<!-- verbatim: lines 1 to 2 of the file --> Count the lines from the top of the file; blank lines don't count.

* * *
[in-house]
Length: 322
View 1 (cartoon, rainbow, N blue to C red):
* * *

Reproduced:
[in-house]
Length: 322